Here based on demographic complexion of the state, I am not to reiterate a point that has been made by so many historians:  the state being overwhelmingly Muslim majority with its seventy to eighty percent borders contiguous to Pakistan as a natural corollary   should have been part of Pakistan. ‘Even Nehru’s own high commissioner to Pakistan Sri Prakasa admitted to Mountbatten that for sake of peace all round, the best thing India could do was hand over Kashmir to Pakistan.’  One of world’s top most historian and biographer all major leaders of India and Pakistan including Gandhi, Nehru and Jinnah believing that  Kashmir had affected Nehru’s political and diplomatic vision writes, ‘Nehru warned Sheikh Abdullah not to think of going to Pakistan to meet Jinnah. “Any direct contact should be avoided” ….Nehru and Patel believed that war over Kashmir would swiftly bankrupt Pakistan.’ (Shameful Flight Page 187-189). Nehru was aware Sheikh Abdullah had received an invitation from M.A. Jinnah to visit Karachi for working out modalities of relations of the State with Pakistan. Sheikh Abdullah in his autobiography mentions only two names M.D. Taseer and Sheikh Sadiq, old Kashmiris settled in Lahore coming as Jinnah’s envoys and inviting him to Karachi.  Sheikh makes no mention of other members of delegations including one time Nehru’s right hand in undivided Punjab Mian Iftikhar-u-Din, who in 1946 had joined Muslim League informing him that Jinnah was open-minded on the type of relations Kashmir wants to have with India and he nursed no personal grouse against him. Sheikh Abdullah chose G.M. Sadiq to visit Pakistan. In an interview with Rasheed Taseer Sadiq shared full details about his successful meetings with Pakistan leaders and how SMA handed over letter he had got  for him from Pakistan    to Nehru in Delhi making him administering a warning to Sheikh and Nehru becoming more conscious about Kashmir. (Tahreek Hurriyat Kashmir vol 3).  Jinnah as against Nehru in his speech of 17 June 1947 was open minded on relations of the state with Pakistan.  “Even he said on 11 July 1947, “If Jammu and Kashmir opted for Independence, Pakistan would welcome it.” (Across LOC by Luv Puri Penguin India Page 20). It is pertinent, all these development have taken place before October 24, 1947- the date when tribesmen joined the Poonch rebellion.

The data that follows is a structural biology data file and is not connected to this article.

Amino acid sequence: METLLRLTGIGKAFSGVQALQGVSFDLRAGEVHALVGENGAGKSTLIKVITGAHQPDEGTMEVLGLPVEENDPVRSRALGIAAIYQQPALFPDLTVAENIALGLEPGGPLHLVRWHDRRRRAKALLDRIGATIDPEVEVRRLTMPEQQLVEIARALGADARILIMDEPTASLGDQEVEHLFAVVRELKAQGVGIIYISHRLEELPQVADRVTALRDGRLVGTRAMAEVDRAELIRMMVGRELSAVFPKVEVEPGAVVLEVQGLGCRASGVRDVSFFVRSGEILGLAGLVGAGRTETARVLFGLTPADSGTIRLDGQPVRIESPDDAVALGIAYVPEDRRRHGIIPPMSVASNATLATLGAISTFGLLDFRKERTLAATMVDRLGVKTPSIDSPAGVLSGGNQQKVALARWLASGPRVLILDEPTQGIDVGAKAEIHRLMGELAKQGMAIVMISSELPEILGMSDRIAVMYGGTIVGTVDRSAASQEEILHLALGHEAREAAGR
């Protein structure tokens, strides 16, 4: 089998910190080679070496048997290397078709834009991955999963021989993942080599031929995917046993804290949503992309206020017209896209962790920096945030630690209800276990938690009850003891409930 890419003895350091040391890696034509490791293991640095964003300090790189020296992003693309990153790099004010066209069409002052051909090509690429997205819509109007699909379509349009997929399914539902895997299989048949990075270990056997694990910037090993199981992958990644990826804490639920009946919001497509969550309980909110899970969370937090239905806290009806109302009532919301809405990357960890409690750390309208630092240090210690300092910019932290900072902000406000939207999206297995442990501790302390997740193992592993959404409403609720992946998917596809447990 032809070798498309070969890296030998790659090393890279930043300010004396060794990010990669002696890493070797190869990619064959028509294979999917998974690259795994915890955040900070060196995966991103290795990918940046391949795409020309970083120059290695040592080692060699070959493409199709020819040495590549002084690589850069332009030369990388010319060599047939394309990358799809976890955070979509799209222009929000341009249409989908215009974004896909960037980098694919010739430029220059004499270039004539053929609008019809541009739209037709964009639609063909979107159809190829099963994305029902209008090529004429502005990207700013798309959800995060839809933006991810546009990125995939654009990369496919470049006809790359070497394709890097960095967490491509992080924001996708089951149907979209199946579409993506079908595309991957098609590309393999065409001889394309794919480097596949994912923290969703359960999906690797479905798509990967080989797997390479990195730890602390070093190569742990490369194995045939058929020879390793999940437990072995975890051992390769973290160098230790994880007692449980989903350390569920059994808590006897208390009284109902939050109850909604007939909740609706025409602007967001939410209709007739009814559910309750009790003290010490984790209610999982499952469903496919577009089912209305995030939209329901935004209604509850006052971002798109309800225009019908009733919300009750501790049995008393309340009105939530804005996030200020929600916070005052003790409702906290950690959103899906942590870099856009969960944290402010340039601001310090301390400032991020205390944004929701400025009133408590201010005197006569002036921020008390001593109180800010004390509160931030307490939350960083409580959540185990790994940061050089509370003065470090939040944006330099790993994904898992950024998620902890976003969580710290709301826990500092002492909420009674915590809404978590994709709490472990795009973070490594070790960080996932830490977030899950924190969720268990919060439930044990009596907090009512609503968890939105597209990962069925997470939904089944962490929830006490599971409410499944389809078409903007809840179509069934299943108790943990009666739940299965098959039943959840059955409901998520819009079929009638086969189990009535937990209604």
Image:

Armed Poonch rebellion, as can be made from the figures about areas quoted above for having brought within its ambit more than half of the state. Truly, Kashmir valley that comprised about one eight of the total area was not directly affected by the armed rebellion against the Maharaja. More than fifty thousand were up in arms. “And only 2000 tribesmen had joined them as India mentioned in its original complaint against Pakistan to UNSC on 1 January 1948”. It seems unimaginable that massacre of Muslims in Jammu would not caused reaction   in the NWFP bordering Jammu province. Ian Stephens in his book Horned Moon provides a deeper insight into the drama of death enacted in Jammu. “In Jammu district alone” writes Luv Puri the ‘percentage of Muslims was reduced from 37 percent to 10 percent.’ This drama of death continued even when Sheikh Abdullah on 30 October 1947 took over as Chief Administrator of J&K with absolute powers.  In Jammu province, Abdullah and the National Conference had no support. Hindus supported Maha Sabha and Muslims were overwhelmingly supporters of the Muslim Conference. Puri writes Abdullah’s interim government ‘in year 1947-1948 was confined’ to Srinagar only-He could not prevent the massacre of Jammu Muslims.” 

True, there gaps in contemporary Kashmir, the developments during 1947- 47 are well documented and these cannot be contorted to wishes and fancies of individuals.